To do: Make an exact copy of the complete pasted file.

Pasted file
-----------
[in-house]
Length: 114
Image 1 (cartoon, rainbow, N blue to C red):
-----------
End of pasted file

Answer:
[in-house]
Length: 114
Image 1 (cartoon, rainbow, N blue to C red):